“Pop Squad” — Paolo Bacigalupi

Paolo Bacigalupi’s debut novel, The Windup Girl, published in 2009, took the science fiction field by storm, winning the Hugo, Nebula, Locus, and John W. Campbell Memorial awards. He is also the author of the young adult novel, Ship Breaker, and several short stories, most of which can be found in his award-winning collection, Pump Six and Other Stories. In 2006, his story “The Calorie Man” won the Theodore Sturgeon Memorial Award and was nominated for the Hugo Award; in 2007, a story set in the same world, “Yellow Card Man,” also made the Hugo ballot. “The People of Sand and Slag,” which first appeared in 2004, was a finalist for both the Hugo and Nebula Awards.

In a world rebuilding itself from the ravages of global warming, in a New York City whose edges are being absorbed by jungle, life is beautiful.  Floating above the monkeys and tropical trees, men and women make art, create music, and never grow old.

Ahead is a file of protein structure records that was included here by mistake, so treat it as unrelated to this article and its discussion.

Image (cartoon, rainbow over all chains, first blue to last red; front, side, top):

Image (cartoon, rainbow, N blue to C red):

This is life after rejoo.

Rejoo:  it’s an elixir of life, a chemical rebirth anyone can buy.  It keeps the body slim and full of youth and pulls the stops on aging.  There’s no reason to die anymore.  A quick trip to clinic gives a person a whole new lease of life.

But just because there’s no mortality doesn’t mean there’s no crime or no police to reign in the criminals.  Our next story’s narrator might prefer attending the symphony, but in his day-job, he’s a cop who fights against a population explosion.

Because if no one dies, there’s no reason to procreate, and in a world still healing from environmental disaster, children are the new America’s Most Wanted—and they get the death penalty.

When there really is a fountain of youth, what price are we willing to pay for a drink?